Fragrances for shower gels
Fragrances for shower gels tend to be fresh and sparkling, and provide a feeling of cleanliness and
invigoration. One point to consider, though, is that you want a burst of fragrance in the shower but
don’t need the fragrance to last on your skin. This means you can focus on the top and mid notes.
Natural fragrance materials may cause some clouding in
your shower gel base, but including a solubilizer such as
Polysorbate 20 should prevent this. Fragrance materials
can also make your shower gel become a little thin, so
it’s a good idea to start with a thicker base than you
need. Of course, you can include any fragrance type you
wish in your shower gels and even create a matching
range. Here are a few ideas to get you started:
Shower gel fragrance blend recipes
The combination of geranium and orange works well in
a shower gel. Different variations have been included
here with the addition of coriander for warmth. Notice
how varying the ratios slightly gives different effects.
Accord 1 Accord 2 Accord 3
Sweet orange 4 parts 4 parts 3 parts
Geranium bourbon 3 parts 4 parts 3 parts
Coriander 3 parts 3 parts 4 parts
Fragrances for body scrubs
When creating a fragrance for a body scrub, please take the same points into consideration
as for a shower gel. Spicy notes such as black pepper that get the circulation moving or a
fresh blast of citrus and mint work extremely well. The recipe on the right has an oil base,
which means that the fragrance won’t jump out as much as it would in a detergent, so you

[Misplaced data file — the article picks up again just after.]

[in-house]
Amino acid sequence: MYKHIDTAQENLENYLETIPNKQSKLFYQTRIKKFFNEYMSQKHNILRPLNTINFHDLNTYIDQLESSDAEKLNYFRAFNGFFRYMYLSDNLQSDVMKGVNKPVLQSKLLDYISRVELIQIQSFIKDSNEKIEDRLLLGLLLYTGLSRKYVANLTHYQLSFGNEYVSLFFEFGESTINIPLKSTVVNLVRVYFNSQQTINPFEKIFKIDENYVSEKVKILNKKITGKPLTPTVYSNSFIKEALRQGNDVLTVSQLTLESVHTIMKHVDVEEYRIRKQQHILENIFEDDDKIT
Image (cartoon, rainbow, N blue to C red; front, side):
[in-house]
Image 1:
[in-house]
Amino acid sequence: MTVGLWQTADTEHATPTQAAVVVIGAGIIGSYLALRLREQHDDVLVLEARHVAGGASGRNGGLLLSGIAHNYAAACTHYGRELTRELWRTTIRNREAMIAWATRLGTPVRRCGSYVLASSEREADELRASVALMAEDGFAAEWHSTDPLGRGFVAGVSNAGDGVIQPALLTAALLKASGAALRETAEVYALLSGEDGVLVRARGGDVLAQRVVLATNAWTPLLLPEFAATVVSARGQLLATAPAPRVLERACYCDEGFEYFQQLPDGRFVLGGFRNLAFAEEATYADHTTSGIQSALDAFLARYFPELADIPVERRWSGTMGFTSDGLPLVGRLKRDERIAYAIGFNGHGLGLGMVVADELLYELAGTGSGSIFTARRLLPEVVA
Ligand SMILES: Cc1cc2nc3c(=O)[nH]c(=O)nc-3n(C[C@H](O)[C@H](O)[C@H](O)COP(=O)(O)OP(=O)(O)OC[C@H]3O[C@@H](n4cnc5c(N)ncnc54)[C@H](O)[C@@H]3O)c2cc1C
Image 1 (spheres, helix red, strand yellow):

may need to tweak your creations a bit to see what works best.
Body scrub fragrance blend recipes
The accords given here are based on citrus with peppermint. Smell
each material individually and note the impact. Lemon and lime are
about the same, with lime being slightly more aggressive. Litsea cubeba
has a higher impact, and peppermint has more than double that of
Litsea. With that in mind, vary the amounts to get different effects.
Accord 1 is citrus with a hint of mint, while Accord 2 pushes both
the minty aspect and the impact way up, giving more lift in the base.
Accord 1 Accord 2
Lemon 4 parts 4 parts
Lime 4 parts 4 parts
Litsea cubeba 3 parts 5 parts
Peppermint 1 part 4 parts
A woman's perfume tells more about her than her handwriting;' Christian Dior. At a time when advertising bombards us with the hard sell for the latest celebrity perfumes, fragrance expert Karen Gilbert shows how to create and blend your very own signature scent. Perfume: The Art and Craft of Fragrance introduces us to the psychology of smell and explains how fragrance can influence our moods and behaviour, and gives a brief overview of perfume through the ages. A key chapter teaches you how to train your nose to recognise the five different fragrance families (floral, oriental, citrus, chypre, fougere), and how to identify the top, middle and base notes of a perfume. Once you have understood the basics of how to build a fragrance, learn how to layer scents by creating perfume oils, sprays and solids, plus scented bath and body products and home fragrance sprays from the easy step-by-step recipes. Illustrated throughout with charming artworks and photographs, Perfume: The Art and Craft of Fragrance is the perfect introduction to the art and romance of creating perfume.© 2015 Karen Gilbert / Ryland Peters & Small · Reproduced with permission. · Perfume: The Art and Craft of Fragrance by Karen Gilbert is published by CICO Books at £9.99 and is available from www.rylandpeters.com
Measure the Plantapon and Lamesoft into one of the small
pitchers. Measure the glycerin into the other pitcher and stir in the premeasured flower water with the mixing spoon.
Pour the glycerin and flower water mixture into the surfactant base, stirring until blended and taking care not to whip or cause foaming. Carefully mix in the fragrance and preservative.
Take a pH strip and dip it into the mixture. If it is above 5.5, then add a few drops of lactic acid.
Retest the pH and add more lactic acid, a drop at a time, until the mixture reaches the correct pH (when the gel will thicken). Pour the shower gel into the bottle, and label and date.